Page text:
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Office tenants can expect more accommodating landlords as Dubai and Abu Dhabi slip in the global rankings for the most expensive commercial space. Dubai now ranks 23rd while Abu Dhabi’s slipped out of the Top 50, in the latest update from CBRE, the property consultancy.
The decline is more telling in Abu Dhabi, which as recently as the third quarter of 2015 was among the most expensive cities to set up and operate an office address. The rollback in the energy and allied sectors was the obvious catalyst for change as was the strict cost control imposed by government organisations. CBRE places the rental for an upscale location in Abu Dhabi at around Dh180 a square foot at the end of the first quarter of 2016, down a fairly significant 5.3 per cent over a 12-month period.
In comparison, a prestige address in Dubai commands Dh280 a square foot. Within the city’s wider commercial space, the decline in office lease rates has been confined to a narrow range for the better part of this year. At the same time, new Grade A office stock in locations such as World Trade Centre District and Dubai Design District continue to pull in greater demand and at rates at a premium to the market average.
“We continue to see strong demand from international companies primarily seeking to improve the quality of accommodation and/or its efficiency,” said Nick Maclean, Managing Director, CBRE Middle East. “The latter point is particularly important for organisations whose staff are spread across several buildings.
“Overall, the market fundamentals in the commercial sector remain positive particularly for well-located buildings of good quality. Poorly located offices with indifferent facilities, particularly those which are badly managed, will struggle against more competitive new stock.”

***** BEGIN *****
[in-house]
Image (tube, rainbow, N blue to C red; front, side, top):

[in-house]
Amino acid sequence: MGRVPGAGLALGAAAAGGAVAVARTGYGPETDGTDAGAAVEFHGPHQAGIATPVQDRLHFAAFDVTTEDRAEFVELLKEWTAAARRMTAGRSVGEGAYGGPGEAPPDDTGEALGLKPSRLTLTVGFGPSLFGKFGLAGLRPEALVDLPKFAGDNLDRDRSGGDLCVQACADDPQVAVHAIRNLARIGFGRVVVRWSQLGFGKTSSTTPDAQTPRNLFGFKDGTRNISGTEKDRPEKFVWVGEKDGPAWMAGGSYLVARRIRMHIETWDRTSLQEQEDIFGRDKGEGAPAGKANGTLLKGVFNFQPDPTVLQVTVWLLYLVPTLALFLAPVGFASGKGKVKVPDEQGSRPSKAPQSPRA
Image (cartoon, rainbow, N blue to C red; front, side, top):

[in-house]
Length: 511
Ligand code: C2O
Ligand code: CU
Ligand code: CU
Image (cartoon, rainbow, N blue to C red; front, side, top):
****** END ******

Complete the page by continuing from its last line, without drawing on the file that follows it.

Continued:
This is why landlords with less than Grade A spaces to fill are more than willing to meet tenant demands halfway. These are likely to include a rental freeze for a set of years, a longer rent-free period within a year than is the norm, and more flexibility on fit-out charges.
According to market analysts, Dubai commercial space’s lower dependence on any one particular sector has been an advantage in the current economic climate. It also creates some breathing space for Grade B office landlords, as their tenants are more likely to retain the location than add to their immediate costs by relocating to a new place.
But these landlords need to use this time to upgrade their premises — if they continue to put that off, they could be the biggest losers once the next upturn comes around and tenants gain confidence about prospects.
“Dubai’s position as first choice for regional new entrants is very important,” said Maclean. “In addition to direct real estate considerations, the relative depth of the labour pool and the quality of the aviation transport sector are cited as important in corporate decision-making.”
Factbox: London’s office space shines in pre-Brexit days
While Hong Kong Central ($290.21 per square foot) remains the highest priced office market in the world, London’s West End came in a strong second at $262.29 (Dh962.60), based on CBRE estimates for the first quarter.
Whether fashionable office addresses in the City can retain these lofty standings now that an exit from EU is a fact remains shrouded in doubt. A few blue-chip corporate relocations to mainland Europe is all that it would take to set off intense pressure on demand and rents.
Meanwhile, global prime office occupancy costs increased 2.4 per cent in the year ending the first quarter of 2016, CBRE notes. “At the beginning of the year, the service sector was not adversely impacted,” it reports.
Source: Manoj Nair, Associate Editor, gulfnews.com